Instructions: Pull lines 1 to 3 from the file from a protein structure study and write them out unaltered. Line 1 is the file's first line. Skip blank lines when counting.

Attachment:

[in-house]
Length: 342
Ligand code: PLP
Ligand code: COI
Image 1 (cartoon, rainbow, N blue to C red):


[in-house]
Length: 342
Ligand code: PLP